by Carl Bilderback
This article appeared in the October 2006 issue of Popular Woodworking Magazine as well as in “Handsaw Essentials” by Chris Schwarz.
About 35 years ago I was using a hand saw in what I considered the usual method: Cut, blow the sawdust off my pencil line and then cut some more.
The foreman on the job was watching me work and he came over and stopped me. He said he was told many years ago of a way to cut with a handsaw so you didn’t have to blow the dust off the line. He didn’t show me the method because he said he’d never been able to do it himself, but the basic idea was as follows:
You cut on the down-stroke and lift the saw a bit out of the kerf on the up-stroke. By developing this slightly orbital stroke, most of the dust falls on the floor.
After practicing this orbital stroke for a while I noticed something else that my foreman had not mentioned. The small amount of dust left on the surface of the work was pulled away from the cut line, like the wake of a boat in water.
This is really neat to see, and I think it is caused by the regular, rhythmic vibration within the workpiece that is created by this type of saw stroke. Try it – you will like it!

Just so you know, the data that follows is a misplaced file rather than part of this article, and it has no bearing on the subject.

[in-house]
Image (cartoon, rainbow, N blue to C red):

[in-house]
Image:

At one time there was a product available that was designed to blow dust away with a hand saw called “Clear-Line.” It was attached to the bottom of the saw handle and directed a puff of air onto the surface of the board with each stroke of the saw.
As a tool collector for the past 35 years, I have looked at thousands of handsaws and have never seen one with a Clear-Line unit attached to it. Could it be that most woodworkers of the time knew how to cut without the need to purchase such a device?
One more neat (and sometimes useful) trick is to use a saw as a square. This is done by placing the saw in a vertical position across the face of a board. Observe the reflection of the board in the side of the saw blade. When the reflected edge is straight and in line with the edge of the board, the saw blade is set at 90° to the board’s edge.
If you want to mark a 45° angle, move the saw until you see a 90° corner formed by the reflection and the edge of the board.